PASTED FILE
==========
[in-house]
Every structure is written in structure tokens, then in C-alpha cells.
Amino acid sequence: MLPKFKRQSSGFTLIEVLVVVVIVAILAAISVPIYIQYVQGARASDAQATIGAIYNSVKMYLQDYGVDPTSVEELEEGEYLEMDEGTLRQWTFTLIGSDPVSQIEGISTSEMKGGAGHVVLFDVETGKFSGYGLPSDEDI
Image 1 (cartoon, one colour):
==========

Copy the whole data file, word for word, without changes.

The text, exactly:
[in-house]
Every structure is written in structure tokens, then in C-alpha cells.
Amino acid sequence: MLPKFKRQSSGFTLIEVLVVVVIVAILAAISVPIYIQYVQGARASDAQATIGAIYNSVKMYLQDYGVDPTSVEELEEGEYLEMDEGTLRQWTFTLIGSDPVSQIEGISTSEMKGGAGHVVLFDVETGKFSGYGLPSDEDI
Image 1 (cartoon, one colour):